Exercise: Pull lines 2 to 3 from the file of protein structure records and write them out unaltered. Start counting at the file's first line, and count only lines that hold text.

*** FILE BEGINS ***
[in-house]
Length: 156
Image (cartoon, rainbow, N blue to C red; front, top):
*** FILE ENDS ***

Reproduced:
Length: 156
Image (cartoon, rainbow, N blue to C red; front, top):